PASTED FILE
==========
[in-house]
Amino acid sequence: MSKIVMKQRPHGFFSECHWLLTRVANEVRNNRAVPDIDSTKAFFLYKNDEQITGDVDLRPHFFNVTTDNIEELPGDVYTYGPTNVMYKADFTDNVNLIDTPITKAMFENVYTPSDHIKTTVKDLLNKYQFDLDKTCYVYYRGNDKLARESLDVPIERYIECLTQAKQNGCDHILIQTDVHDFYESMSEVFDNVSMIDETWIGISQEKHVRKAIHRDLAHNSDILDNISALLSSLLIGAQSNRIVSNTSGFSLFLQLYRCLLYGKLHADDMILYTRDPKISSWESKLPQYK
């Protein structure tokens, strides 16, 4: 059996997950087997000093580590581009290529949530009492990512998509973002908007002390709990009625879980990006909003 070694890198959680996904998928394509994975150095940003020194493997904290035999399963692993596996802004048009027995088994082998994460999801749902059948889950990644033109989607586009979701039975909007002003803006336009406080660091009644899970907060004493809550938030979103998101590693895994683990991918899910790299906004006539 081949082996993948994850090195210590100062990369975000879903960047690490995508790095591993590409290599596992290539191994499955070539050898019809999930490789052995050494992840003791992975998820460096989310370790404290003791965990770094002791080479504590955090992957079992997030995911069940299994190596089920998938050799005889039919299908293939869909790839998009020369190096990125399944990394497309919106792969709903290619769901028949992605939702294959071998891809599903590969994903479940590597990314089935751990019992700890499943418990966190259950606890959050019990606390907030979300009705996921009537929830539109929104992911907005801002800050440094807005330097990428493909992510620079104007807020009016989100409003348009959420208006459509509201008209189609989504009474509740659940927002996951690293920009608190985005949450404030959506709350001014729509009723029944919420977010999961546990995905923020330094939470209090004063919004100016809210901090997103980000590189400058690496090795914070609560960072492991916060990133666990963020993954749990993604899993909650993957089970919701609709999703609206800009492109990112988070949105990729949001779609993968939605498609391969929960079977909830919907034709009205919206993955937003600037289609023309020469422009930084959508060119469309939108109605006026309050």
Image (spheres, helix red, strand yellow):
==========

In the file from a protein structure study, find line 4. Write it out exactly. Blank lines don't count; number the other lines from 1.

Image (spheres, helix red, strand yellow):